I'm currently trying to compose a song in a game. Being as it is pretty much a children's game, it is rather limited in its abilities (2). I've been able to get around other limitations, such as the total lack of a bass clef, by transposing, but I'm stumped on this one. The piece (1) I'm trying to emulate makes use of eighth notes and rests, and the the game has no rest function. Its been years since my last music class, so I'm rusty on how everything works. Is there any way to mess with the time signature or something similar to simulate eighth notes?The piece I am trying to emulate The game's composing function.

I've already spent more time than I'd like to admit composing the other parts of the song, so it'd be disheartening to toss it all because I can't get some timing right. Cheers

  • 1
    i've noticed after answering that there's a contradiction between your question header and body. the title implies that you don't have access to quarter notes, but the body says you don't have access to eighth notes (and, uh, the screenshot seems to imply that sixteenth notes are the problem). it's also very difficult to provide a definitive answer without knowing what the game is.
    – Esther
    Jun 3, 2021 at 8:53
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    @Esther The game appears to be My Singing Monsters.
    – Herohtar
    Jun 3, 2021 at 21:17
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    What the heck is going on in the piece you're trying to emulate? It looks polytonal with a 2-flat key signature on top and a 6-sharp key signature underneath. I can treat the piece as being in G sharp minor with a 5-sharp key signature for both staves (the second halves of Measures 12 and 14 support this), but man, reading that sheet music is not easy, and I misread the D#'s in the lower staff as B's already.
    – Dekkadeci
    Jun 3, 2021 at 21:38
  • the wiki isn't great (and i'm not sure how trustworthy it is), so i won't edit my answer yet: but it seems that it does indeed support rests as i suggested, simply placing notes nonconsecutively. i'd assume that's what's happening in this arrangement of megalovania
    – Esther
    Jun 4, 2021 at 1:05
  • I don't understand, why are you trying to put that music into a game that looks to be for simple tunes? Why not use Musescore, or something else better suited? Jun 4, 2021 at 16:34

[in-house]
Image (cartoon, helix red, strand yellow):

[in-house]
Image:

2 Answers 2


Find the smallest rhythmic value used in your piece and "scale everything up" so that smallest value in instead the smallest value supported by the game (so, if the smallest value is the sixteenth notes -- the double-stemmed notes -- in your screenshot, and the game only supports quarter-notes, then you need to quadruple the tempo and "multiply" all your rhythmic values by four; alternatively, if you were mistakenly referring to the sixteenths as eighths, then you might only need to double everything).

I find it hard to believe the game doesn't support rests in any way, can you seriously only place notes directly adjacent to each other? If the answer to that is "no, you can actually place notes non-consecutively", well then, you have rests, they're just not reflected in notation. If the answer is "yes, seriously, it's very strange", then you have two-maybe-three options: (1) just, don't use rests, let the last note you played sustain until the next one sounds; you'll get some new dissonances doing this but they'll probably resolve just fine. (2) take some creative liberties, do something new in those silences. (3) if the game supports multiple lines at once, mask the issue and simulate rests by putting the "resting" line in unison with another lines.

That said, without actually seeing the game first-hand, or having a precise and formalized description of the game's features/capabilities, there's no way of knowing whether this answer is really correct/the best way of doing things.

  1. I see the game allows the tempo to be changed, so doubling the tempo would do it.
  2. Changing the time signature from 4/4 to 2/2 would also be something to try.

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